An Irish government department has hit back at comments by Ryanair chief Michael O’Leary, who accused the state of “squandering” millions in climate funds on a school bus scheme.

The Department of the Environment said the initiative reduces emissions by keeping cars off the road, and added that Mr O’Leary’s views were “at odds” with parents who expressed huge interest in the scheme.

Appearing before an Oireachtas committee last week, Mr O’Leary expressed concern at how Ireland uses millions in climate funds paid by Ryanair to the European Commission.

The EU’s Emissions Trading System (ETS) places a cap on emissions of specified pollutants over a geographical region and companies can trade emission rights within that area.

Within the cap, which is reduced over time, airlines buy or receive emissions allowances until their total for the year are covered.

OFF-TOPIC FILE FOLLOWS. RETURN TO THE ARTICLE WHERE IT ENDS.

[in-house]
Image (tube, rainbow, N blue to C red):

Mr O’Leary said airline passengers are charged around 4.50 euro in EU environmental fees on a Ryanair flight worth 40 euro, equivalent to 12% of the fare.

He said he was “very concerned” about what Ireland does with the money, saying “astonishing volumes of environmental revenues have been squandered on school bus fleet and unidentified climate finance projects”.

Mr O’Leary told TDs and senators: “Over 70% of this is being squandered on the school bus fleet, which is neither environmentally friendly nor particularly fuel efficient.”

He said Ryanair had written to the department about how 140 million euro gathered over three years had been used, and accused officials of not answering what climate projects the money was used for.

He said: “We don’t begrudge the school bus fleet the money, you know, but it shouldn’t come out of monies that Ireland is telling Europe we’re going to spend on environmental measures.”

Mr O’Leary repeated the comments on Newstalk on Sunday, claiming the school bus fleet was not operating during the pandemic, and that the funds were being “dribbled out” by the Irish government.

In a statement to the PA news agency, the Department of the Environment, Climate and Communications defended the bus scheme as a climate action measure.

“The school transport scheme provides public transport for the daily needs of almost 148,000 students in Ireland, including 16,000 students with special education needs.